Ghana to strengthen protection of its boundaries – President Mills
President John Evans Atta-Mills on Thursday tasked the Lands and Natural Resources Ministry to coordinate activities of the Ghana Boundary Commission to scale out the outer limits of the nation’s continental shelf beyond the acceptable 200 nautical miles (M).
This, he said, would ensure the continuous protection of the nation’s land and maritime resources, while encouraging good neighbourliness between the country and its neighbours, as the country’s foreign policy mandates.
President Mills, who was delivering the State of the Nation address in Parliament, explained that 200 nautical miles (M) is the United Nation’s Commission’s Limit of the Continental Shelf (CLCS).
He stressed on Ghana’s impressive track record on fostering international peace, urging the utilisation of the tools of diplomacy and existing bilateral and multilateral structures in resolving questions of boundary disputes.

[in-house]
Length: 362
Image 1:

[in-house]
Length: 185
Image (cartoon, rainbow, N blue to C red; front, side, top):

“This administration will conduct our foreign relations on the basis of national respect and good neighbourliness.”
President Mills instructed the Ministry of Foreign Affairs and Regional Integration to intensify its activities in ensuring the security and welfare of Ghanaians in the Diaspora, adding “We have consular and moral responsibility for them all”.
It would be recalled that in March 2010, barely a week after Russian oil producer LUKOil announced it has discovered oil in the Dzata-1 well in the Cape Three Point, Cote d’Ivoire laid claim to the location where the oil was found.
The Dzata-1 well and the Deepwater Tano fall within the same boundary.
Subsequently, in April 2010, the Government set up a Presidential Commission spearheaded by the Ministry of Lands and Natural Resources to oversee to the peaceful settlement of the boundary dispute, but Cote d’Ivoire has petitioned the United Nations to demarcate the Ivorian territorial maritime boundary with Ghana.
Meanwhile, Kosmos Energy, one of the companies producing oil in the Jubilee fields has cited the dispute as a possible obstacle to Ghana’s oil production.